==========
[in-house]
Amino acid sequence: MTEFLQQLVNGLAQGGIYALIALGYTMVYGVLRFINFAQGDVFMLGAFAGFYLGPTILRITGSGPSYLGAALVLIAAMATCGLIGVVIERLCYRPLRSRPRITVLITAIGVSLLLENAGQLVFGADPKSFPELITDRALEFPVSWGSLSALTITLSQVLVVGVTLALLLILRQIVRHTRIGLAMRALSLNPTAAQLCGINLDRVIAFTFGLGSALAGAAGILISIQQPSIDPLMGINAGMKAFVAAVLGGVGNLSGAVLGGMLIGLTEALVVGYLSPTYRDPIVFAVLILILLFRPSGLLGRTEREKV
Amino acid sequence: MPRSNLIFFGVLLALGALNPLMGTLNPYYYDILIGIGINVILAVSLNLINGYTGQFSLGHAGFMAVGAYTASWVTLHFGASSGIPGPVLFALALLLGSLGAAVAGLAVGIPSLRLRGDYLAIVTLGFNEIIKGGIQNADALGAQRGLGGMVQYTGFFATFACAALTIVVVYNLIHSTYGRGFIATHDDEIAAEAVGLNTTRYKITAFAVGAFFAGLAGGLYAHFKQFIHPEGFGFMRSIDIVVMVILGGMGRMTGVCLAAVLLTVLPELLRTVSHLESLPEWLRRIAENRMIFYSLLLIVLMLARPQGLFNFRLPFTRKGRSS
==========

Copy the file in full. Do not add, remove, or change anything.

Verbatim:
[in-house]
Amino acid sequence: MTEFLQQLVNGLAQGGIYALIALGYTMVYGVLRFINFAQGDVFMLGAFAGFYLGPTILRITGSGPSYLGAALVLIAAMATCGLIGVVIERLCYRPLRSRPRITVLITAIGVSLLLENAGQLVFGADPKSFPELITDRALEFPVSWGSLSALTITLSQVLVVGVTLALLLILRQIVRHTRIGLAMRALSLNPTAAQLCGINLDRVIAFTFGLGSALAGAAGILISIQQPSIDPLMGINAGMKAFVAAVLGGVGNLSGAVLGGMLIGLTEALVVGYLSPTYRDPIVFAVLILILLFRPSGLLGRTEREKV
Amino acid sequence: MPRSNLIFFGVLLALGALNPLMGTLNPYYYDILIGIGINVILAVSLNLINGYTGQFSLGHAGFMAVGAYTASWVTLHFGASSGIPGPVLFALALLLGSLGAAVAGLAVGIPSLRLRGDYLAIVTLGFNEIIKGGIQNADALGAQRGLGGMVQYTGFFATFACAALTIVVVYNLIHSTYGRGFIATHDDEIAAEAVGLNTTRYKITAFAVGAFFAGLAGGLYAHFKQFIHPEGFGFMRSIDIVVMVILGGMGRMTGVCLAAVLLTVLPELLRTVSHLESLPEWLRRIAENRMIFYSLLLIVLMLARPQGLFNFRLPFTRKGRSS